Stem Cell Blindness Treatment. Is there a stem cell cure for blindness? We’ve kinda been blogging about this for some time but, to date, the evidence we came across that stem cells can restore a patient’s eyesight are only anecdotal.
For instance, back in 2012, we reported that British TV presenter/model Katie Piper has undergone a stem cell treatment after a horrific acid attack which damaged her eyes. Four years later, it appears that Katie is doing well health-wise. She’s now married and is the mom of a two-year old daughter. Oh, she currently also serves as the ambassador for the UK Stem Cell Foundation.
What do Peyton Manning, Joost van der Westhuizen, and Natasha Merangoli have in common? Well, they are all athletes (Manning is a future football Hall of Famer, Westhuizen is a South African rugby star, and Merangoli is a high school soccer athlete) but, more importantly, they all underwent some kind of stem cell treatment for certain conditions.
We will not delve on Manning’s and Westhuizen’s treatment because we already blogged about them in the past (see: Joost van der Westhuizen: Stem Cell Treatment for ALS Disease and Peyton Manning Stem Cell Therapy).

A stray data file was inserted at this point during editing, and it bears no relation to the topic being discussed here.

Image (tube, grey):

Texas Stem Cell Controversy: Treatment or Trial?. When people have life-threatening or debilitating diseases for which there are few cures, or even none at all, is it right to let them undergo stem cell therapies that have not been proven safe and effective? Is it ethical or legal?
The answer to those questions is a resounding “no,” according to a number of pre-eminent scientists and institutions — including the influential scientific journal Nature and the International Society for Stem Cell Research (ISSCR). The scientists have come out in the past week to express their strong disapproval of adult stem cell regulations proposed by the state of Texas, which are up for approval this month.